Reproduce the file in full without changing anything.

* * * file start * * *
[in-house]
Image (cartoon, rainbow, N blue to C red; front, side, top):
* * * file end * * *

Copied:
[in-house]
Image (cartoon, rainbow, N blue to C red; front, side, top):